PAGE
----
This is a blog which primarily gives some attention to movies that I find were overlooked (for whatever reason) or are simply underrated. I also comment on other, mainly movie-related issues as well. I welcome any suggestions for films to be added to this distinguished list.

One word of warning: The films listed below contain spoilers, so caution during reading is required.

Tuesday, December 7, 2010

The Taking of Pelham One Two Three (1974)

-Lt. Zachary Garber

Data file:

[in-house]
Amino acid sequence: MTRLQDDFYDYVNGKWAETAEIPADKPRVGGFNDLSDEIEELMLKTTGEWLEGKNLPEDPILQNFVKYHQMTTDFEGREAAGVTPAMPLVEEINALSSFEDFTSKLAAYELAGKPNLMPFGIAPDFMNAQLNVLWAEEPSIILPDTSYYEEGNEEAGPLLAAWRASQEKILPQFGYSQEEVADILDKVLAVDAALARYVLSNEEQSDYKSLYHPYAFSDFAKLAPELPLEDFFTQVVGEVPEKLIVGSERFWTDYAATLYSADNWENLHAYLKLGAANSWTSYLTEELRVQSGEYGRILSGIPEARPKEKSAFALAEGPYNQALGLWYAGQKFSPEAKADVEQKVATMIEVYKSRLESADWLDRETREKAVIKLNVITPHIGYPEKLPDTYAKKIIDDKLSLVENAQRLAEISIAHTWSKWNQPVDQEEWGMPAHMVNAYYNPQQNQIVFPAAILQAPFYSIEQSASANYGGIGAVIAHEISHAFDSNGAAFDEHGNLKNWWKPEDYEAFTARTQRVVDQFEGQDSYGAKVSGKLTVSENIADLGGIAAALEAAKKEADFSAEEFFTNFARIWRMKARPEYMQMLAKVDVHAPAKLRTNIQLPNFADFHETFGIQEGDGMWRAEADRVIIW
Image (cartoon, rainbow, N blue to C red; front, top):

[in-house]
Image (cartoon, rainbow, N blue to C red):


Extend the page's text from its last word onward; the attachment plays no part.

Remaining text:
As unfortunate as this sounds, if anyone knows about this film today, it's only because of the surprisingly dull remake it received in 2009. The original, though, has everything the remake desperately lacks: genuine thrills, interesting characters, a script that remains faithful to the John Godey novel of the same name, & plot twists that don't make the viewer ask "WTF?" The only thing the remake had for it was the star power of Denzel Washington & John Travolta in the leads, which is why it was quite surprising that that film proved as lousy an idea as the remakes to The Omen (2006) or The Fog (2005). Like The Wild Geese (1978), this is a film that really couldn't be made in the same way today because a good amount of the running time is set establishing characters and settings before any shocks come at the viewer. Lt. Zachary Garber (Walter Matthau) is with the NYC Transit Police, which looks after the city's subway system. His day starts out on an unenviable note when he's assigned to give a tour to members of the Japanese transit authority, whom Garber mistakenly assumes don't understand English. That's when the title train is suddenly hijacked by four armed men. These men identify themselves with code names, specifically names of colors. The leader of the quartet is the crafty Mr. Blue (Robert Shaw). His confederates are former train engineer Mr. Green (Martin Balsam), the obiedient Mr. Brown (Earl Hindman), and the trigger-happy former Mafia hit man, Mr. Grey (Hector Elizondo). Once they disconnect the head car from the rest of the train, they announce their demands to the command center: $1 million is to be delivered to them in one hour, or one hostage a minute dies. Garber and Blue then spend much of the film's screen time bantering with each other as the former tries to squeeze as much time out as possible to save the hostages. What makes this film interesting, though, is that both men spend almost as much time contending with the difficulty of their own people. Garber has to deal with the indifference of control room operator Frank Correll (Dick O'Neill), while Blue's patience is tested by Grey's insubordination (which Blue satisfactorily resolves at the film's climax). Eventually, Grey and Brown are killed before Blue and Garber briefly meet face-to-face after Blue is about to kill one of his hostages who was, in fact, an undercover policeman. This single scene with Matthau & Shaw shows two great pros at work, as does the final scene when Garber tracks down Green. Another plus to the film is David Shire's musical score, which sets up the excitement from the title sequence on, much like Keith Emerson's music for Nighthawks (1981). What's even worse than the remake, though, was the this film's director, Joseph Sargent, despite great credits such as this film as his first, Colossus: The Forbin Project (1970), has become known in recent years as the director of the dreadful Jaws: The Revenge (1987).

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